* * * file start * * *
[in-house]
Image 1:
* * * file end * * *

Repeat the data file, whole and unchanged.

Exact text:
[in-house]
Image 1: